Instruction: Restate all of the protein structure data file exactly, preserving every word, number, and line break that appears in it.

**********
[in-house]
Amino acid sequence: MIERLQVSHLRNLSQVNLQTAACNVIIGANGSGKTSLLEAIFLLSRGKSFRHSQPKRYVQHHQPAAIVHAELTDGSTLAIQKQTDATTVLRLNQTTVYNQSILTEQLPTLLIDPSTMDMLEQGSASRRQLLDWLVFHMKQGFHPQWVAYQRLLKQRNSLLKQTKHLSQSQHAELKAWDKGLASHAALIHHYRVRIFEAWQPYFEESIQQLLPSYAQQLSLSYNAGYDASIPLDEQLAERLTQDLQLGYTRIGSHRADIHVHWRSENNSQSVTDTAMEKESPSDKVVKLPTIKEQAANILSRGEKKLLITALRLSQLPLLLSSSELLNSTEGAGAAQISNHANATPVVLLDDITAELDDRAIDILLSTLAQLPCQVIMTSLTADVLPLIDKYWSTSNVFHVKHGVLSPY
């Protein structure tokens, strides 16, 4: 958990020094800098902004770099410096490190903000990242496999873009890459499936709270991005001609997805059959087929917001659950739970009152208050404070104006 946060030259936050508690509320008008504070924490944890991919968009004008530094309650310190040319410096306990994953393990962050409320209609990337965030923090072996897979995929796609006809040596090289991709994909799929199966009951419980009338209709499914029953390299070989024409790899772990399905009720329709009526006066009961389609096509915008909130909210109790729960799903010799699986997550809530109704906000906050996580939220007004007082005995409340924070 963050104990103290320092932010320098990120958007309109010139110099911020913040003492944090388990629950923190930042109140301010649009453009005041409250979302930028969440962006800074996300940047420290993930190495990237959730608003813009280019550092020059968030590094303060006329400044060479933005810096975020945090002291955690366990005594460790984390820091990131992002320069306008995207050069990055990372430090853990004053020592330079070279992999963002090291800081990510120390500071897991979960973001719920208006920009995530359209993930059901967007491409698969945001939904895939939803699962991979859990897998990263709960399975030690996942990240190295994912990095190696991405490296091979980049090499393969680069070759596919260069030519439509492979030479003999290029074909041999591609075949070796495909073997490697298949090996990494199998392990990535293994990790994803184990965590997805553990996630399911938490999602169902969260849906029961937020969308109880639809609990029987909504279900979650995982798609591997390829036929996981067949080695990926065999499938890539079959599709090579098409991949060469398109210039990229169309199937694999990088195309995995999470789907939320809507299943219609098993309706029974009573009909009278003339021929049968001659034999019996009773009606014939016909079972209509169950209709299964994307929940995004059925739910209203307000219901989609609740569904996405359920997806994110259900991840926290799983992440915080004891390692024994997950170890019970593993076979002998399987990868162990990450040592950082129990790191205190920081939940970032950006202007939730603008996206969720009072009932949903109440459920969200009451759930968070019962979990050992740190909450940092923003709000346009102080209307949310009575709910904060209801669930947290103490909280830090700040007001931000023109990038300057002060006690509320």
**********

[in-house]
Amino acid sequence: MIERLQVSHLRNLSQVNLQTAACNVIIGANGSGKTSLLEAIFLLSRGKSFRHSQPKRYVQHHQPAAIVHAELTDGSTLAIQKQTDATTVLRLNQTTVYNQSILTEQLPTLLIDPSTMDMLEQGSASRRQLLDWLVFHMKQGFHPQWVAYQRLLKQRNSLLKQTKHLSQSQHAELKAWDKGLASHAALIHHYRVRIFEAWQPYFEESIQQLLPSYAQQLSLSYNAGYDASIPLDEQLAERLTQDLQLGYTRIGSHRADIHVHWRSENNSQSVTDTAMEKESPSDKVVKLPTIKEQAANILSRGEKKLLITALRLSQLPLLLSSSELLNSTEGAGAAQISNHANATPVVLLDDITAELDDRAIDILLSTLAQLPCQVIMTSLTADVLPLIDKYWSTSNVFHVKHGVLSPY
């Protein structure tokens, strides 16, 4: 958990020094800098902004770099410096490190903000990242496999873009890459499936709270991005001609997805059959087929917001659950739970009152208050404070104006 946060030259936050508690509320008008504070924490944890991919968009004008530094309650310190040319410096306990994953393990962050409320209609990337965030923090072996897979995929796609006809040596090289991709994909799929199966009951419980009338209709499914029953390299070989024409790899772990399905009720329709009526006066009961389609096509915008909130909210109790729960799903010799699986997550809530109704906000906050996580939220007004007082005995409340924070 963050104990103290320092932010320098990120958007309109010139110099911020913040003492944090388990629950923190930042109140301010649009453009005041409250979302930028969440962006800074996300940047420290993930190495990237959730608003813009280019550092020059968030590094303060006329400044060479933005810096975020945090002291955690366990005594460790984390820091990131992002320069306008995207050069990055990372430090853990004053020592330079070279992999963002090291800081990510120390500071897991979960973001719920208006920009995530359209993930059901967007491409698969945001939904895939939803699962991979859990897998990263709960399975030690996942990240190295994912990095190696991405490296091979980049090499393969680069070759596919260069030519439509492979030479003999290029074909041999591609075949070796495909073997490697298949090996990494199998392990990535293994990790994803184990965590997805553990996630399911938490999602169902969260849906029961937020969308109880639809609990029987909504279900979650995982798609591997390829036929996981067949080695990926065999499938890539079959599709090579098409991949060469398109210039990229169309199937694999990088195309995995999470789907939320809507299943219609098993309706029974009573009909009278003339021929049968001659034999019996009773009606014939016909079972209509169950209709299964994307929940995004059925739910209203307000219901989609609740569904996405359920997806994110259900991840926290799983992440915080004891390692024994997950170890019970593993076979002998399987990868162990990450040592950082129990790191205190920081939940970032950006202007939730603008996206969720009072009932949903109440459920969200009451759930968070019962979990050992740190909450940092923003709000346009102080209307949310009575709910904060209801669930947290103490909280830090700040007001931000023109990038300057002060006690509320």